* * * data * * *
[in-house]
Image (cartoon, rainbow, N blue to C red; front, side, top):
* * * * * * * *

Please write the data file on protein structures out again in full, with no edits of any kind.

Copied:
[in-house]
Image (cartoon, rainbow, N blue to C red; front, side, top):